Oddvertising: Novelty and Memory
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Oddvertising: Novelty and Memory

Oddvertising: Novelty and Memory

Description:

Published: January 15, 2018 0 0 281
By: Holly Gilzow, Cal State San Marcos
Category: Cognitive Science

An experimental study conducted in Dr. Carrick Williams's Lab in Cognitive Psychology 393- Oddvertising refers to a trend in advertising that started in the 90s, one that relies heavily on content that essentially violates the rules of reality. Odd images are often recalled better, but why? Duncan & Shohamy (2016), found evidence to support that in the presence of familiar images, people were better able to recall numerical values than in the presence of unfamiliar images.
Based on their research, we used odd and normal ad images as backgrounds during value recall tasks. Participants were shown a series of cards with suit and numerical value, then asked to recall the numbers associated with each suit, in the presence of an odd or normal image background. This was repeated three times. The six images are included above.
Hypothesis 1: The high attention required for encoding an example of oddvertising will inhibit access to previously learned values, compared to the relatively low attention required for normal images, leading to poorer memory performance in the odd image group.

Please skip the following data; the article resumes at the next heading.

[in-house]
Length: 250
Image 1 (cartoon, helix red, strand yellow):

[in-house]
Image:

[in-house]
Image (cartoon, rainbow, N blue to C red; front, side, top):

Hypothesis 2: Between three successive trials, those seeing normal images will be better able to improve over time.
Results: In the first trial, participants performed substantially better in the familiar image condition than those in the odd image condition. The group that saw familiar, or 'normal' images suffered a steep decline in trial three. Participants in the odd image condition improved substantially in trial two, then leveled off in trial three. There was a significant interaction between trial and image type, p = .031, but only in the first. This interaction indicates that the effect of image type was dependent on the level of trial.
Discussion: A possible explanation for the significant difference between groups in only the first trial could have been that high attention (to odd images) is maintained for only a short time, and then desensitization occurs. This would be evolutionary adaptive: a continuous state of high attention would lead quickly to mental exhaustion. A possible explanation for the abrupt decline in the familiar image group in trial 3 may also have been proactive interference- the frames they had recalled so well in the first two trials were interfering with their recall of the third set.

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